What are your game’s pre-release ‘story beats’?


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[The GameDiscoverCo game discovery newsletter is written by ‘how people find your game’ expert & GameDiscoverCo founder Simon Carless, and is a regular look at how people discover and buy video games in the 2020s.]

Welcome to another week of wondrous going-ons in the world of ‘apparently I’m making video games for a living, and now I have to get people to buy them’. Let’s see where we’re starting this time:

How ‘story beats’ fit into your game’s journey…

So I think I’ve printed the above equation of ours once before in the GameDiscoverCo newsletter. But recapping: your game needs to have a really good ‘hook’ in a good genre – and we think that’s more important than anything else. But you also need to talk about your game & promote it in the right way.

There’s a lot of good writing and videos about how to identify hooks. We particularly recommend Ryan Clark’s two-video series on the subject, though you can and should go way deeper. (We still think many publishers and devs spend insufficient time on early evaluations of game hook, based on data, evaluation and intuition.)

So let’s move on to talk about this ‘story beats’ idea, which is maybe discussed less. In the screenwriting community, they “are points of action that occur in a basic story.” For your in-development Steam or console game, we’d describe these as the 3 or 4 ‘big pre-release announcements’ that you actually expect to get wider press and notice.

At the same time, you’ll be making smaller announcements as you interact with the community on Discord – perhaps do some regular blog updates, even livestream work on the game. That’s the ‘nurture’ layer in the above equation. (BTW, I really like what The Riftbreaker does in this space – check out the game’s Steam news section for an idea of how busy they are with neat, but smaller stuff!)

Beats… beats… beats… beats!

But little of your ‘nurture’ work will get you wider press. So you need to identify those few things that you REALLY want to shout about and might realistically lead to a bigger splash. Here are the obvious story beats for your Steam game, and timing ranges we would advise for them:

  • INITIAL ANNOUNCE – press release, a trailer that includes gameplay, even if brief, and a full Steam page explaining all of the game’s features. Players need to be able to come to the page & decide to wishlist, even based on early info. Don’t tease with incomplete info/no video. (6-24 months before release – the earlier, the better.)

  • STEAM FESTIVAL APPEARANCE / DEMO – the concept of getting ‘regular players’ to try your game and give you development feedback is VITALLY important. It grows your fanbase, improves your game, and is also a key story beat. The Steam Festival is now the easiest and best way to do this. Caveat: Festivals are crowded, and there are alternatives for demo distribution or beta feedback! (3-9 months before release.)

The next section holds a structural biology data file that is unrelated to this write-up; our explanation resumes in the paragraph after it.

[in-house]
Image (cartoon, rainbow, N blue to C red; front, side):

• RELEASE DATE ANNOUNCE – this is a really great chance to show new visuals on the game via a fresh trailer if you want, and remind people what the game is all about. It’s not as big of a promotional plus as the first two ‘beats’, it’s still a great thing to do. (4-8 weeks before release.)

  • GAME RELEASE – this folds into the ‘launch sizzle’ category in the above equation. But you definitely want an ‘available now’ announce with a trailer (can be an adapted version of ‘release date announce’, or brand new) and then as much streamer, press and social media blast with review keys as you can possibly manage. (0 days before release.)

Obviously, there’s no must-win formula for success here. Looking at Valheim’s approach, for example, they decided to run everything through Closed Betas instead of a Steam Festival public demo. This was great for refining gameplay in private, and they did more generic but still interesting monthly development updates for their ‘nurture’ phase. This still worked out fine, cos… great hook/genre & game quality & heritage?

Balancing your ‘beats’ and nurture – not always that easy?

Maybe the above explanation seems a bit simplistic. But in reality, I see plenty of complexities and issues around making it happen, especially when multiple parties (developer & PR company, developer & publisher, etc!) have to split up the work.

For example, what if the developer isn’t interested in doing the ‘nurture’ updates or doesn’t have time (or just thinks the publisher/PR company should be doing it?) and so there’s little community interaction? Or if the promotion starts very late?

Or what if a lot of smaller nurture-style updates are sent out as ‘press releases’ by a promotional partner, but aren’t connected back to the game’s player community in a meaningful fashion? (Just two of the problems I’ve been made aware of.)